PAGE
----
Then you get to Calling Cape Cod (RIP Tommy) Feat. Amber, a point at which the emotion and the memories are presented in a very literal and undeniable manner. The story is told explicitly, with nothing but the truth, and the real feelings left behind after tragedy. The music has a beautiful simplicity to it, which runs behind the vocal performance with a softness that calms you, yet, more importantly, makes you listen intently and entirely. You hang on every word of this tale, because you know it’s real, and you want to understand these thoughts and feelings as fully as possible. The song serves the purpose of honoring someone important superbly. The music makes you listen, and so you should, and so you will again.
Followed by Different, it’s noticeable around this time in the release that the music has a really vintage ambiance to it. At times it’s reminiscent of the very early albums from Eminem, perhaps even so far as tracks like Rock Bottom – the retro and relaxed yet confident style of the whole thing is greatly appealing. There’s a freshness to this album, but it’s tinted with a very slight shade of nostalgia, and together it makes for something that you’ll feel like you’ve known for years, yet only just discovered today.
Virginia Beach Interlude reintroduces the piano performance, accompanied in the intro by the scattered snippets of a girls voice. The track that follows is musically minimalist for the most part, which, again, makes you focus on the artist’s voice and lyrics even more intensely. This half sung, half rapped track is a real moment of broken down emotion and heartache within the project. It shows a certain softness and vulnerability that was otherwise masked or kept under wraps by the mass influx of lyrics and imagery before now. For these reasons, this one is really well placed within the project. The arrangement of the whole album, in fact, has been thoughtfully constructed so as to always keep you involved and interested.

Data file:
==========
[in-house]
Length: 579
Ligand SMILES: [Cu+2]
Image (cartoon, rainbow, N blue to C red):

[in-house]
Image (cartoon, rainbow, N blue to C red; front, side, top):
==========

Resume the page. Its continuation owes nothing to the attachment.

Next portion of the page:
Title track The Ocean (Feat. Jimi Jones) is the final song of the record, you can listen below. It’s a definite highlight, but not at the loss of any value from elsewhere in the release. It’s simply a really well written and structured piece of music, with flawlessly appropriate and emotional leading vocals, which contrast and collaborate beautifully in this case. The featured sung vocal is so soft and distant, whereas the rap is very present and hyped sounding at times, so you get this massive wave of realness; a feeling that is intensified even more so by the beauty of the music – the riff, the sounds of the ocean, the whole euphoric and blissful ambiance of the art.
Simply put, the song has done everything it needed to do, and the collaboration has added the spark that takes it from great to stunning. You’ll walk away from this album with a great respect for the honesty, and an even greater appreciation for the awe inspiring sound of the music that brings it to life.
The Ocean EP is the fourth full feature album by GiANT, the Artist. It covers personal struggles, such as lost love, grieving the death of his childhood best friend, and trying to find stability. This album is a requiem for his life of the past and welcoming a new path for the future.